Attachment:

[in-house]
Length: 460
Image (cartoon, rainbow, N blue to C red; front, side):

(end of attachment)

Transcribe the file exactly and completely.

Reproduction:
[in-house]
Length: 460
Image (cartoon, rainbow, N blue to C red; front, side):